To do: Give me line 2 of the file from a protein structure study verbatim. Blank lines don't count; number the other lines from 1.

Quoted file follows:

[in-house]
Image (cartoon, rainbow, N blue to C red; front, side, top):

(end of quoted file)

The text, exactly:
Image (cartoon, rainbow, N blue to C red; front, side, top):